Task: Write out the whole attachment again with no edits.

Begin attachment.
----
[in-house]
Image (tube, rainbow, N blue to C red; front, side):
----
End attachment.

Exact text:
[in-house]
Image (tube, rainbow, N blue to C red; front, side):